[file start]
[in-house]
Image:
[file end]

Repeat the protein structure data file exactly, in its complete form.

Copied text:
[in-house]
Image: